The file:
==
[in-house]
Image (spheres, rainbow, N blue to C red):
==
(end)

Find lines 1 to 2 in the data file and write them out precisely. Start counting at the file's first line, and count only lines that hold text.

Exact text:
[in-house]
Image (spheres, rainbow, N blue to C red):